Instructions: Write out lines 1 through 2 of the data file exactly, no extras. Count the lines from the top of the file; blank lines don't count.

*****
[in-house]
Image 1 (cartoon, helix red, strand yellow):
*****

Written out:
[in-house]
Image 1 (cartoon, helix red, strand yellow):